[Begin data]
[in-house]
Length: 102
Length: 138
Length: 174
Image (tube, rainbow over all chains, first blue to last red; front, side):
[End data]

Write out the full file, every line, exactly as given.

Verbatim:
[in-house]
Length: 102
Length: 138
Length: 174
Image (tube, rainbow over all chains, first blue to last red; front, side):